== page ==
Cast your imagination back a few decades, and envision this scenario: The Golden Age of Hollywood was already a fading memory, and many of the legendary studios were being shut down or restructured under conglomerates. Sets and costumes from some of the greatest scripts ever committed to film were being allowed to rot in warehouses, of little value to the new Hollywood. You could, if you had been there at the time, walk away with truckloads of memorabilia for as good as free for the taking.
Try to imagine Cecil Beaton and Adrian-designed gowns like the Ascot dress from My Fair Lady (1964) and the lavish Marie Antoinette (1938), Marilyn Monroe’s white halter dress from The Seven Year Itch, Charlie Chaplain’s bowler hat, and thousands of other iconic film costumes and accessories, all destined for the dump.
Enter screen legend Debbie Reynolds. When she caught word that thousands of costumes and props were slated to be trashed to make way for current productions, she swung to the rescue. As Reynolds recalled years later in her 2014 interview with The Hollywood Reporter:
“They literally threw away our history, and I just got caught up in it. The stupidity and the lack of foresight to save our history. Oh yes, they gave them away if you came up and said that you have something you had to offer. It was no matter about the history.”
In the late 1980s, Reynolds opened her collection to the public in Las Vegas, but 10 years later, the museum was bankrupt. The collection was offered to the Academy of Motion Pictures Arts and Sciences several times and each time was refused, meaning that the bulk of the collection languished in storage. Occasionally, some of the more important pieces were loaned out to other exhibitions, but most were simply warehoused in hopes that one day they would be displayed again. Over the years, she auctioned off pieces of her collection, and in 2011, 600 items of her costumes and memorabilia went on the block. You can still download the catalogue on the Profiles in History Auction website — a visual record of how extensive, and how important, Debbie Reynolds’ collection was.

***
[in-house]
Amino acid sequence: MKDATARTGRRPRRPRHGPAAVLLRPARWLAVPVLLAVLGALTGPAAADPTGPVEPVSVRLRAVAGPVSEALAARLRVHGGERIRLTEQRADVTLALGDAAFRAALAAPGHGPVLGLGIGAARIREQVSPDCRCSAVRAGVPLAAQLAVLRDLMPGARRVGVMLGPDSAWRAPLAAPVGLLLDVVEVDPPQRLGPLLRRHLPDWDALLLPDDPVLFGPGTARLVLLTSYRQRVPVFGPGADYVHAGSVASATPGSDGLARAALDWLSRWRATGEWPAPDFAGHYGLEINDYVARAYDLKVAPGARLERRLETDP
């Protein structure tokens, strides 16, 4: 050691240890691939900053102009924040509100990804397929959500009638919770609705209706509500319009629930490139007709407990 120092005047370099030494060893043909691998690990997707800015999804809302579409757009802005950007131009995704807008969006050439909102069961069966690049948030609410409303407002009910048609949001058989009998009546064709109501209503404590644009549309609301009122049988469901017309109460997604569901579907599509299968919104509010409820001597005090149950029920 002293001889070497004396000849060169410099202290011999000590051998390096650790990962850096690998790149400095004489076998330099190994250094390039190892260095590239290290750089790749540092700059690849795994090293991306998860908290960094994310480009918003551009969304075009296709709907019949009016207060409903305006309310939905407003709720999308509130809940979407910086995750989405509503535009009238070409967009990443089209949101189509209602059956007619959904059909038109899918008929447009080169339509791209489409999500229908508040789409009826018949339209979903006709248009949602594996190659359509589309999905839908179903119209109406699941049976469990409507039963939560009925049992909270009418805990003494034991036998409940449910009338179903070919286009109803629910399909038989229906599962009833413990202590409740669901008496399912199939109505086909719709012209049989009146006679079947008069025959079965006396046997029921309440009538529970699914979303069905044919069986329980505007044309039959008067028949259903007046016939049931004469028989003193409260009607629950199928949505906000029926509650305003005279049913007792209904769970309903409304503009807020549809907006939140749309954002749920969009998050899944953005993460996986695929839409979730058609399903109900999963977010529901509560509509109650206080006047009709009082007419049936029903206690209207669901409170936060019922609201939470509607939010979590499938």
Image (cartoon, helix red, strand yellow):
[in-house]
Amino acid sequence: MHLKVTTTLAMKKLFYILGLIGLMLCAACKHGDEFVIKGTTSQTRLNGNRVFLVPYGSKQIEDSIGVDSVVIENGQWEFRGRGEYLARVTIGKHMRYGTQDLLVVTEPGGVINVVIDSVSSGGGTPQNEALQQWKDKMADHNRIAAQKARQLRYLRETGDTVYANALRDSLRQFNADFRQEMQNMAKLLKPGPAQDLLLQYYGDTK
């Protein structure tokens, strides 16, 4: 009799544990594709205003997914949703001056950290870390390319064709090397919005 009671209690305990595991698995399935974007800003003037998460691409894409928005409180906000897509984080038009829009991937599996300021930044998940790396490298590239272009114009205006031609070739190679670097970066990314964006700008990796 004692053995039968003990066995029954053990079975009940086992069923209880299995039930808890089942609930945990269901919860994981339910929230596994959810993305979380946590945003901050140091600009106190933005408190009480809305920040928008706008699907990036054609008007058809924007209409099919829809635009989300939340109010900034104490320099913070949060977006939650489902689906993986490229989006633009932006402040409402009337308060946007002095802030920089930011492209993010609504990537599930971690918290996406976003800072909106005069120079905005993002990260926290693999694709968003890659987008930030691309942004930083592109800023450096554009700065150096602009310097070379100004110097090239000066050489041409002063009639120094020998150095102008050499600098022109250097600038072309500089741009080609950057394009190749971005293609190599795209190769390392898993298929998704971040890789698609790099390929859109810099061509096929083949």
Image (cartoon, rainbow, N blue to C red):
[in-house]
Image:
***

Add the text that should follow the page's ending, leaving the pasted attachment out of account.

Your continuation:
It’s not clear what remains of Reynold’s incredible movie costume and prop collection, but many of the pieces auctioned off went into other private collections. Recently, the Academy announced its intention to open a museum devoted to filmcraft history, so hopefully some of the Reynolds collection will finally make it into their hands and become available to the public for study.
On December 28, 2016, one day after her equally legendary daughter, Carrie Fisher, passed away, Debbie Reynolds succumbed to a stroke at the age of 84. There’s no argument about the mark both women left on the popular culture of the 20th century, but for students of costume and film history, Reynolds should be celebrated for her efforts in preserving a vital part of cultural history.
Debbie Reynolds was many things: America’s sweetheart; a devoted, if not flawed, mother; a one-of-a-kind actress from the Golden Age of Hollywood, who could keep up with some of the biggest stars in history while throwing out off-the-cuff quips with saucy aplomb … But for a small subset of historians, like those of us at Frock Flicks, she was the patron saint of movie costume history. Without her foresight and determination, the loss of these iconic costumes would have been one of the greatest tragedies in the study of film history. Her efforts to preserve the work of famous Hollywood designers and anonymous wardrobe assistants alike deserves all the praise I can possibly summon with these meager words — Thank you, Debbie. You will be greatly missed.